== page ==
Chicago: July 2008 Archives

Aberdeen, Dino's, AAA

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This has really been the summer of car troubles. Part of it is my own fault, since I decided to buy the Mountaineer (which I still want to hug to sleep at night), but the litany of stuff that's had to be done and the number of trips I've made to Aberdeen (ie: Aberdeen Auto Body at 1043 Fulton Market) have gone right past the point of being in any way funny.

Let me just say up front that I trust Aberdeen - and I don't just say that because this whole site is identified with me and they might well read it and be mean to me (as all tradesmen are wont to do to the effete who are required to patronise them) - but I've used them for years now and even if I didn't trust them, I like them. Best of all they're also nearby.

It used to be that they were so close that I could take a 3 minute walk and get to them, back when we used to live on May St. But even now they're not that far away, and Wayne the office manager has gotten used to loaning me his car when repairs take more than an hour.

I'm normally content to sit around at Dino's (at 954 W Fulton Market, a lovely working man's bar in the middle of the meat packing district, two blocks away from Aberdeen) have steak and eggs and watch the news, but once it gets to an hour, I can't just keep hanging around. Dino's also serves probably the best French Toast I've ever had anywhere, much less in Chicago, and they serve steaks (also in the form of superb steak fajitas) that are to die for.

Anyway it'd be way too depressing for me to go through the list of stuff I had to have done, though for the number of times I had to ping pong back there, the price tag wasn't as prohibitive as you might think. Suffice to say ball bearings, wheel alignment, tail light, windshield washers, driver's side lock. In the end it's not the parts that added up so much as the labour, which is fair enough, given how much time and tsuris it all came out to. But that might just be me being too accustomed to dealing with them - feel free to disabuse me and hand me an "easy mark" sign round my neck.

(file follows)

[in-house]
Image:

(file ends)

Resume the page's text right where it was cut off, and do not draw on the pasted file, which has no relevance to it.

Right now I'm waiting for AAA to turn up. I must say that paying for AAA is just worth the price of admission. Getting roadside service through your insurance might cost less, but in terms of full service whereever and whenever it's needed, AAA doesn't disappoint.

Turns out that the minor problem that appeared to be the air conditioning in monkey's Saab is more likely to have to do with the alternator (of which the AC failing is a symptom, I belatedly discover), and apparently that means somehow that the steering on the Saab is now like pulling through molasses - I assume it's all got to do with the power steering etc. Needless to say it's not driveable, and hence the need for a tow. I'm hoping that maneuvering out of the rather straightened underground garage isn't just too much to ask.

My regular correspondent was telling me how he had had a conversation with someone else I know, about how they both disliked Jeff Koons' work - especially since I'd been telling people about his exhibition that's going on right now at the MCA in Chicago. To which my reply was:

Interesting. For me it's just stunning the scale and subtlety of the work. If nothing else, what you notice most about his work up close is the fine and detailed use of materials. Take the balloon animal bunny rabbit - it has a balloon animal carrot, which is just fantastic. The idea that you would fashion out of chrome and steel something that is otherwise so fragile - is just breathtaking. With the giant dog, the fact that they replicate the balloon knot at the tip - the bit that looks like an odd belly button - is superb.

He has one work where a large bear is being conspiratorial with a old style English bobby. He has a pink panther hugging a mermaid. And what's not to love about a golden Michael Jackson with is golden monkey? But yes, it strikes me that the Nth degree of whatever contemporary art moves towards has so much to do with exactly the experience of material - of touch, or the visual notion of what something would feel like.

And so much of it is shiny. I couldn't stop smiling throughout the exhibition. I was squatting down and trying to look at the items in as much detail and perspective as I could when one of the black rent-a-cops began basically mocking me saying "it's not a car, sir" but I find the complexity and immense simplicity of the giant balloon animals just stunning.